What are your childhood Halloween memories?
Mine, in no specific order –
- Some long-since forgotten girl’s Halloween birthday party, where we bobbed for apples in the backyard
- Dressing as Wednesday Addams and cutting the head off one of my dolls to complete the costume
- The neighborhood dentist, who gave out sugar-free candy (lame! And, probably, full of aspartame)
- Convincing myself that it was OK to be the Farmer’s Wife when four of us wanted to go as the Three Blind Mice
- Being scared witless by “Jason” on a haunted hay ride
Generally, I guess my memories have less to do with candy than with all the accoutrements – but I wonder how they would have changed, had I been experiencing a gluten-free Halloween.
Would I have been able to bob for apples, or kept away for fear of water contaminated by the saliva of some other, cake-eating child? Probably.
Would my memories of abject hayride terror be replaced by memories of the cider doughnuts I was not allowed to eat? My memories of dentist candy I didn’t want to eat, replaced by those of delicious candy I was forbidden?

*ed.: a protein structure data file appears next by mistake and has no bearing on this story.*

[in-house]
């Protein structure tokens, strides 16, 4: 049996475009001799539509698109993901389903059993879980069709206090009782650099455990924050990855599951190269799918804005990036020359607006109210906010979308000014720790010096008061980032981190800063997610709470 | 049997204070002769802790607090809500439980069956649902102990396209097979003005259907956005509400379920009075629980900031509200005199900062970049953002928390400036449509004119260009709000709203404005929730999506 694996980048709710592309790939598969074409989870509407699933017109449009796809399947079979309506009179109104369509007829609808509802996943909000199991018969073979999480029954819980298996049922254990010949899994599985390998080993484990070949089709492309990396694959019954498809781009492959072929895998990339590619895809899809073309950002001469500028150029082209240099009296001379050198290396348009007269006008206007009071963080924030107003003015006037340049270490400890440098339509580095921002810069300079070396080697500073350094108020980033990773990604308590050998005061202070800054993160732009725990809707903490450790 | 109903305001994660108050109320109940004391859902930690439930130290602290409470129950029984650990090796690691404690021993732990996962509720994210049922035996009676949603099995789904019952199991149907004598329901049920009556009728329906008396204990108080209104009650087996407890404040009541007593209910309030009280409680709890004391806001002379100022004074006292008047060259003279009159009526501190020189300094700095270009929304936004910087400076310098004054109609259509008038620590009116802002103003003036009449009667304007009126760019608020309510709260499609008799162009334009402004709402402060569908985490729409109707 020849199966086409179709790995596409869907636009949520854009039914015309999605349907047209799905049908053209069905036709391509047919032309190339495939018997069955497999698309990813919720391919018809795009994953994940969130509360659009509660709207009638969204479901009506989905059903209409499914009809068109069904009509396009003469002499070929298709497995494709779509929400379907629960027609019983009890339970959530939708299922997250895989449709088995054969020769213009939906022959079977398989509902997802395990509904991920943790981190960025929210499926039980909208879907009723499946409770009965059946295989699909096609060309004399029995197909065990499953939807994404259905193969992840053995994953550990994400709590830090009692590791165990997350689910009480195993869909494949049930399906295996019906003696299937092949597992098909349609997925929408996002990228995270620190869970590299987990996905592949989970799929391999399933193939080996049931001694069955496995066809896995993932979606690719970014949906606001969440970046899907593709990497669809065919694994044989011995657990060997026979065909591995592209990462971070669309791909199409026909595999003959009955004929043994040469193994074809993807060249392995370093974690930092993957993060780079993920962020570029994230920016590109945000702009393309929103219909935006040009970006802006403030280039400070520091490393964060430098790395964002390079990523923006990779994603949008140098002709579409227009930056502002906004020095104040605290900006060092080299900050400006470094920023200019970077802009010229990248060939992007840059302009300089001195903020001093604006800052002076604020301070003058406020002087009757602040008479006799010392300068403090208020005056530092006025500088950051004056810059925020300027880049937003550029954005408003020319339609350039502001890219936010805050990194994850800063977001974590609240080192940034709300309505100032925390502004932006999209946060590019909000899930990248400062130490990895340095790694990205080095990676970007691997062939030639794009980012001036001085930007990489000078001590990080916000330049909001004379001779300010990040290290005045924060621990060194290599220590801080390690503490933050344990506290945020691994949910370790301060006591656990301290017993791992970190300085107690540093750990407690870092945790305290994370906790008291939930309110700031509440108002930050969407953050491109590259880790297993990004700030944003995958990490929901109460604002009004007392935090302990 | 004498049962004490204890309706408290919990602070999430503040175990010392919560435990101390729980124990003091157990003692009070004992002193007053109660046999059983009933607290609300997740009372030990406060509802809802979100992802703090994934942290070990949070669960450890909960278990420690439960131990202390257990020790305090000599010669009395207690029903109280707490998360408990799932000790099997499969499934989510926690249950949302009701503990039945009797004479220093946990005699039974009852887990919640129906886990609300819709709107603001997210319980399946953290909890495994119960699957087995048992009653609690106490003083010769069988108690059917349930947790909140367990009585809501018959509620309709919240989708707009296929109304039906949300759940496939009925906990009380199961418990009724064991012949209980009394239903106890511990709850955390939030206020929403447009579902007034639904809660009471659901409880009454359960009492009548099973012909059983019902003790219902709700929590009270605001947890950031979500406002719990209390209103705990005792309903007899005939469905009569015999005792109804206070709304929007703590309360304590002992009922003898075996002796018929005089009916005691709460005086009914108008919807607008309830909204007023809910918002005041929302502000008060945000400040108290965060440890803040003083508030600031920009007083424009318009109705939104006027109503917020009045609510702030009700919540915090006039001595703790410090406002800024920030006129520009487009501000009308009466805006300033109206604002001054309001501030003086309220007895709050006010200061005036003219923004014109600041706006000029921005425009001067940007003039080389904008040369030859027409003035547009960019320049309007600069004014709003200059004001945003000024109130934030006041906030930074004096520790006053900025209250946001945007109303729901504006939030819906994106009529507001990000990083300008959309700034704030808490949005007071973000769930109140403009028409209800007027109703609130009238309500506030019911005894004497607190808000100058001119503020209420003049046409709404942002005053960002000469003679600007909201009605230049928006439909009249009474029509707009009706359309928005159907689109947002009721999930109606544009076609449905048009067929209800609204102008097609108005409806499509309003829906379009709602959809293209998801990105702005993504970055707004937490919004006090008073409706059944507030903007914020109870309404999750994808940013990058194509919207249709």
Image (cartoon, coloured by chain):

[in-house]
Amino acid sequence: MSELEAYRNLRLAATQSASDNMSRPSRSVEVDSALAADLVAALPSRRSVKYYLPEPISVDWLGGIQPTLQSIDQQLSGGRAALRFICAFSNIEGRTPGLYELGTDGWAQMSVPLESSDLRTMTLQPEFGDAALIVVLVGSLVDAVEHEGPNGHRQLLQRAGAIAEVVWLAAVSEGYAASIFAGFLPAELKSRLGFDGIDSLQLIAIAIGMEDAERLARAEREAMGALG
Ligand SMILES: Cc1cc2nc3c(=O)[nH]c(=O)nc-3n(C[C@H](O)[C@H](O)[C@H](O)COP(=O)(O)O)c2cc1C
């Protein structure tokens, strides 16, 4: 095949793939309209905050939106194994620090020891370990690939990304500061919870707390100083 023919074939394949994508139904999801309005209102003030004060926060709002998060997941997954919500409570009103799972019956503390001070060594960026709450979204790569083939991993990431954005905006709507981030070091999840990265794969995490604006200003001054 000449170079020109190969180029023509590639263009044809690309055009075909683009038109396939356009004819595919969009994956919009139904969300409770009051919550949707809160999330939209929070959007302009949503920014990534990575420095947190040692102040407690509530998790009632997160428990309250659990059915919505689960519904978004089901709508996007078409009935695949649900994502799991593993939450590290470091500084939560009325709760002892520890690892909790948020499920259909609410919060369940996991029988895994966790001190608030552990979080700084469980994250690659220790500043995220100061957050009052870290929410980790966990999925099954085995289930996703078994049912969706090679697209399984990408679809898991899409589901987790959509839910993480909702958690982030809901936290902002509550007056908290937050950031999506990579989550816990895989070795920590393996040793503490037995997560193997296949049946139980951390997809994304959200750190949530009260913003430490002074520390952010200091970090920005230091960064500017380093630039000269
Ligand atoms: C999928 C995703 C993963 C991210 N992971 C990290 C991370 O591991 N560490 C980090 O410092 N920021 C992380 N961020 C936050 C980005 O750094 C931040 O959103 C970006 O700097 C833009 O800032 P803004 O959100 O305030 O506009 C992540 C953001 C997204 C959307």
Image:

Maybe, but I doubt it.
If I imagine myself as a parent to a gluten-free child – ok, any child – I see myself trying to give that child all the same memories I have of growing up. And then I see myself getting frustrated, for all the times I don’t succeed. Those of you who are parents, correct me if I’m wrong.
It’s a little silly, because my memories don’t match those of my parents, and I still had a very happy childhood.
One thing that’s worth remembering as we dip into the holiday season – and really, Halloween is that moment on the year’s roller coaster when you realize you’ve reached the descent and it’s whoooooosh all the way through New Years – is that kids are bouncy, resilient creatures.
They’re going to find a way to have a good time, and they’re going to collect lots of happy memories. So what, they have a different basket of treats at the end of the classroom party? They’re still going to have memories of treats, and costumes, and parties, and fun.
I know that many of you stress around holidays. Maybe it’s your first gluten-free Halloween, maybe your tenth. And I know that because you love your children, you will use this stress to protect them and keep them bad things, like gluten and suspiciously unwrapped candy and dark alleyways.
And for the rest of it: smile! Be happy! And don’t forget to remind yourself that you’re doing a good job.